Malaysia discovers 139 graves near Thailand border
Kuala Lumpur: Malaysia has discovered a total of 139 graves spread over 28 abandoned human trafficking camps in the country’s northern hilly region sharing border with Thailand, police said today.
The bodies were found in Wang Kelian region where Rohingya Muslims fleeing Myanmar were reportedly being held.
The camps were found on the hilly terrain near the Malaysia-Thailand border on May 11, said Khalid Abu Bakar, Inspector-General of Police.
“We don’t know how many bodies are in the graves but exhumation works start today. We can’t tell yet if they are the Rohingyas or Bangladeshis. We found a highly decomposed body on the ground, believed to have died two weeks ago,” Bakar said.
“(Authorities) found 139 suspected graves. They are not sure how many bodies are inside each grave,” he said, a day after authorities announced the discovery of mass graves.
The discovery by the police has proved claims that there were such trafficking camps on the Malaysian side of the border, believed to be set up by human trafficking syndicates.
Since May 1, Thai authorities have found mass graves near the border at Padang Besar with the discovery of 33 bodies believed to be migrants.
“It is a very sad scene,” Bakar told reporters in northern Perlis state, adding that some of the camps appeared to have been abandoned two to three weeks ago.
“We accept that there are syndicates involved in this and their main aim is for monetary gains. We will investigate, and we will not condone anyone, including Malaysian officials,” he said.
Most of those were refugees and poor migrants from Myanmar and Bangladesh, all Muslims, victims of human trafficking networks who wanted to reach countries like Malaysia.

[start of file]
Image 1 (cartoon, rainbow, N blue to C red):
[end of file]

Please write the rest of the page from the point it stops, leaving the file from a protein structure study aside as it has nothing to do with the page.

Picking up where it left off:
With governments in Thailand, Malaysia and Indonesia having launched crackdowns amid intensified international spotlight, human traffickers have abandoned camps on land and even boats at sea to avoid arrest.
In many instances, these traffickers have been paid by the minority Rohingya Muslims from Myanmar to help them flee to Malaysia or Indonesia.
The traffickers reportedly held them to ransom in the jungle camps demanding more money and in many cases leaving them to die quickly burying them in mass graves.
A few weeks ago hundreds of Muslim Rohingyas were found crammed in boats heading to Malaysia and Indonesia.
Human rights groups and activists say the area on the Thai-Malaysia border has been used for years to smuggle migrants and refugees, including Rohingya Muslims, a persecuted minority in Myanmar.
Since May 10 alone, more than 3,600 people – about half of them from Bangladesh and half Rohingyas from Myanmar – have landed ashore in Indonesia, Malaysia and Thailand.
Mass graves were discovered in Thailand earlier this month mostly in southern Songkla province bordering Malaysia.